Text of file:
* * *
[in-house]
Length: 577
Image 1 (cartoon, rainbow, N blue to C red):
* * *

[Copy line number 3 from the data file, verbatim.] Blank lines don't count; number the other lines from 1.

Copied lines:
Image 1 (cartoon, rainbow, N blue to C red):